I don't think beating up on service providers with buzzwords like "evidence based data driven decision making" is gonna solve the problem at all, actually.
17
I am not beating up on them, just pointing out, as the Mayor has, that Seattle, and the service providers it funds, have not adopted the performance-based practices and metrics and best practices being promulgated by the US Interagency Commission on Homelessness that are being adopted and used with success elsewhere. I would also suggest that the biggest losers, are the folks in Seattle who are still homeless because Seattle and its service providers have not.
18
@13: from the article you linked (not the video): "Mayor Murray and advocates around King County have said their policies and efforts have long been in line with the USICH."

I'm not saying they are or aren't, but you're saying they aren't. what magic bullet aren't they using?

please don't say "promulgate" again.
19
We have spent tens of millions of dollars on bike lanes. We still spend more on arts (library, Seattle center, and arts grants) than we do on human services. How are we to believe that we need some big tax increase to start spending more on our homeless problem. Before we spend we should also look at the fact that our homeless problem got worse as the national average saw decline. As for the cost of rent going up look at the property taxes increasing nearly 6% last year. That would explain a lot of the rent increase.
20
I really appreciate the organizers and volunteers who worked on this year's count. The point made by @2 is a good one. People still living in the Jungle weren't counted, and only 27 people were counted sleeping in Seattle's parks, which seems like an inconceivably low number. Nonetheless, homelessness in King County was shown to have risen almost as much this year as last year which is alarming and downright sad.
21
@10 makes a good point. The legislature should by all means be doing more to address homelessness, which is growing statewide. Instead it's got its panties all in a bunch over trans women using women's restrooms, doing as much as possible to freeze the minimum wage and lock people in poverty lockdown everywhere beyond Seattle and SeaTac and drag their feet as much as possible on adequately funding public schools. Why is this happening? Because the GOP runs the entire state except for blue islands in the Seattle metro area, Jefferson and Whatcom Counties and Spokane. It is almost as if vast expanses of our state enjoy poverty.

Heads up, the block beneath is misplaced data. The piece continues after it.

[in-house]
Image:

22
Is there any research done on where the homeless typically come from? In other words, did they become homeless in the city of Seattle, or did they come here from other areas to this city in particular? I've always been very curious about that, but unsure if any research has been done.
23
@22: me too. I've certainly met homeless natives that were from WA reservations, or came here on trains from the blackfoot or crow reservations. I've read anecdotal accounts of homeless being attracted here by relatively benign attitudes of the populace, and relatively generous benefits and services. and of course, our spectacular weather (i.e. it doesn't get below freezing much despite being wet and gloomy).
24
and does the city of Seattle require any sort of drug testing of homeless in order to receive benefits? I could be wrong- but of course homeless would be attracted to Seattle if they received benefits such as free cell phones, free housing, ability to put up tents and rvs without any push to become self sufficient and without any drug testing. I agree that some people have had a really hard life and should be shown compassion and helped out. But I also think that some people have been attracted to the city without any intention of changing their ways because they can continue an illegal lifestyle and receive benefits from the city with no questions asked. Of course more homeless will be attracted here.
25
@22,
26